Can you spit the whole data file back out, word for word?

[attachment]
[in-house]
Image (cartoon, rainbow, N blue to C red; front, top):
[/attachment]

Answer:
[in-house]
Image (cartoon, rainbow, N blue to C red; front, top):